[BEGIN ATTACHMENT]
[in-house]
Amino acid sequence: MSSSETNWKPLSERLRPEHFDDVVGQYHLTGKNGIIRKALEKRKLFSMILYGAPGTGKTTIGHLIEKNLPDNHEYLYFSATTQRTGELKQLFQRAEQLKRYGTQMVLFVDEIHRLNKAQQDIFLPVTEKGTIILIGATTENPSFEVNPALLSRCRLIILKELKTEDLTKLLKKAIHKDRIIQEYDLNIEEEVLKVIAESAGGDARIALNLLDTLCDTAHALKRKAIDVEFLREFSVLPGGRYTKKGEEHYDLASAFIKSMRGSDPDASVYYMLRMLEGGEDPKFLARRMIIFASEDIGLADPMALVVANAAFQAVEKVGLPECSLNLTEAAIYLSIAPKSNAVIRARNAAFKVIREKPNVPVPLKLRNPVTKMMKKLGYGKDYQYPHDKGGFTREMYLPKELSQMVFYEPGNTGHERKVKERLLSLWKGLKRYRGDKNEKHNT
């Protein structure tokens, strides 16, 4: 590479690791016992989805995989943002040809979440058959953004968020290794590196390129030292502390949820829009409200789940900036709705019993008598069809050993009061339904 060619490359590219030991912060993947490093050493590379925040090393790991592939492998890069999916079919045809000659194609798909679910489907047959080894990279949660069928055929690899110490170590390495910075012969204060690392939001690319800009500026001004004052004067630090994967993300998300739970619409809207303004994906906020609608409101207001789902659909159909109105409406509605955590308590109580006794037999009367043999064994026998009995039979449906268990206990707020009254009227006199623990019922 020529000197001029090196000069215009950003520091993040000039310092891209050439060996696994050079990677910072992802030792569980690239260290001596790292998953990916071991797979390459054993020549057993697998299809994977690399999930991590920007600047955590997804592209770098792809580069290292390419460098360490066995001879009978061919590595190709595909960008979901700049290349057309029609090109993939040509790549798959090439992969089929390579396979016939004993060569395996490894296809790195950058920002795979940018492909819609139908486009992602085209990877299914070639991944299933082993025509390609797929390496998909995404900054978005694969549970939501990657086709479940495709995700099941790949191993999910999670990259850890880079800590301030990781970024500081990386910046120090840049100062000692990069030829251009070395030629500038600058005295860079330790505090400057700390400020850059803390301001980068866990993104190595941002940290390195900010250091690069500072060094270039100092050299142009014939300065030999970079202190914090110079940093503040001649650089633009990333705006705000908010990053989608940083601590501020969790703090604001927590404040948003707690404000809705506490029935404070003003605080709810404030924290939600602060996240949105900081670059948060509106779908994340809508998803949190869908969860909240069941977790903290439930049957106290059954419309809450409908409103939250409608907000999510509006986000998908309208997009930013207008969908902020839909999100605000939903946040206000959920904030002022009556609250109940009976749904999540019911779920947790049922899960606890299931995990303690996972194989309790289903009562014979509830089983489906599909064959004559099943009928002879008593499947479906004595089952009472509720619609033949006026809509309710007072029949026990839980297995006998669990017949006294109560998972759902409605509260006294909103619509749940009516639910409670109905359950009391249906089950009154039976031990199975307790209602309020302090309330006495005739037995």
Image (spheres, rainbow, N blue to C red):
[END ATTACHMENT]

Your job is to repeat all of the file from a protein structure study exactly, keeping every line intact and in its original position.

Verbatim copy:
[in-house]
Amino acid sequence: MSSSETNWKPLSERLRPEHFDDVVGQYHLTGKNGIIRKALEKRKLFSMILYGAPGTGKTTIGHLIEKNLPDNHEYLYFSATTQRTGELKQLFQRAEQLKRYGTQMVLFVDEIHRLNKAQQDIFLPVTEKGTIILIGATTENPSFEVNPALLSRCRLIILKELKTEDLTKLLKKAIHKDRIIQEYDLNIEEEVLKVIAESAGGDARIALNLLDTLCDTAHALKRKAIDVEFLREFSVLPGGRYTKKGEEHYDLASAFIKSMRGSDPDASVYYMLRMLEGGEDPKFLARRMIIFASEDIGLADPMALVVANAAFQAVEKVGLPECSLNLTEAAIYLSIAPKSNAVIRARNAAFKVIREKPNVPVPLKLRNPVTKMMKKLGYGKDYQYPHDKGGFTREMYLPKELSQMVFYEPGNTGHERKVKERLLSLWKGLKRYRGDKNEKHNT
């Protein structure tokens, strides 16, 4: 590479690791016992989805995989943002040809979440058959953004968020290794590196390129030292502390949820829009409200789940900036709705019993008598069809050993009061339904 060619490359590219030991912060993947490093050493590379925040090393790991592939492998890069999916079919045809000659194609798909679910489907047959080894990279949660069928055929690899110490170590390495910075012969204060690392939001690319800009500026001004004052004067630090994967993300998300739970619409809207303004994906906020609608409101207001789902659909159909109105409406509605955590308590109580006794037999009367043999064994026998009995039979449906268990206990707020009254009227006199623990019922 020529000197001029090196000069215009950003520091993040000039310092891209050439060996696994050079990677910072992802030792569980690239260290001596790292998953990916071991797979390459054993020549057993697998299809994977690399999930991590920007600047955590997804592209770098792809580069290292390419460098360490066995001879009978061919590595190709595909960008979901700049290349057309029609090109993939040509790549798959090439992969089929390579396979016939004993060569395996490894296809790195950058920002795979940018492909819609139908486009992602085209990877299914070639991944299933082993025509390609797929390496998909995404900054978005694969549970939501990657086709479940495709995700099941790949191993999910999670990259850890880079800590301030990781970024500081990386910046120090840049100062000692990069030829251009070395030629500038600058005295860079330790505090400057700390400020850059803390301001980068866990993104190595941002940290390195900010250091690069500072060094270039100092050299142009014939300065030999970079202190914090110079940093503040001649650089633009990333705006705000908010990053989608940083601590501020969790703090604001927590404040948003707690404000809705506490029935404070003003605080709810404030924290939600602060996240949105900081670059948060509106779908994340809508998803949190869908969860909240069941977790903290439930049957106290059954419309809450409908409103939250409608907000999510509006986000998908309208997009930013207008969908902020839909999100605000939903946040206000959920904030002022009556609250109940009976749904999540019911779920947790049922899960606890299931995990303690996972194989309790289903009562014979509830089983489906599909064959004559099943009928002879008593499947479906004595089952009472509720619609033949006026809509309710007072029949026990839980297995006998669990017949006294109560998972759902409605509260006294909103619509749940009516639910409670109905359950009391249906089950009154039976031990199975307790209602309020302090309330006495005739037995």
Image (spheres, rainbow, N blue to C red):